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Youngest pancreas transplantation alone in the UK for type 1 diabetes and severe subcutaneous insulin resistance
  1. Garm Chi Ho1,
  2. Sajanee Liz Samuel2,
  3. Usman Haroon1 and
  4. Martin Drage1
  1. 1 Department of Nephrology and Transplantation, Guy's and St Thomas' NHS Foundation Trust, London, UK
  2. 2 Department of Paediatrics, Princess Alexandra Hospital NHS Foundation Trust, Harlow, UK
  1. Correspondence to Garm Chi Ho; justinhogc{at}


A child diagnosed with type 1 diabetes mellitus during her middle childhood developed severe subcutaneous insulin resistance as her illness progressed. This resulted in recurrent episodes of diabetic ketoacidosis and hypoglycaemia, eventually leading to intravenous insulin dependence. Despite intensive investigations, an organic cause was not found.

The patient was in her late adolescence when she eventually received her pancreas transplant alone, the youngest patient in the UK. This case highlights severe peripheral insulin resistance as an important indication for whole organ pancreas transplantation in the paediatric population, as well as early recognition in the failure of conventional medical therapy.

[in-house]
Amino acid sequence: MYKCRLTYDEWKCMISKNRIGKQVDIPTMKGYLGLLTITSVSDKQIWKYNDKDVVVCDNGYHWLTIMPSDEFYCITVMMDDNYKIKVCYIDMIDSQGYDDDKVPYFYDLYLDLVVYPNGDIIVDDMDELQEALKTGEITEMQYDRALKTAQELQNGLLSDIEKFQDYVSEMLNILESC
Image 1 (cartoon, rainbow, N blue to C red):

• Endocrine system
  • Transplantation
  • Paediatrics
  • Diabetes

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  • Contributors All named authors contributed significantly to this report in various aspects. GCH is the main contributor to the writing of the manuscript, data collection, literature review, obtaining patient consent and submission of the report. SLS contributed to drafting of the manuscript and literature review. UH and MD both supervised the entire process of writing and submission of the report. All authors read and agreed to the published version of the manuscript. GCH, SLS, UH and MD gave final approval of the manuscript.

  • Funding The authors have not declared a specific grant for this research from any funding agency in the public, commercial or not-for-profit sectors.

  • Case reports provide a valuable learning resource for the scientific community and can indicate areas of interest for future research. They should not be used in isolation to guide treatment choices or public health policy.

  • Competing interests None declared.

  • Provenance and peer review Not commissioned; externally peer reviewed.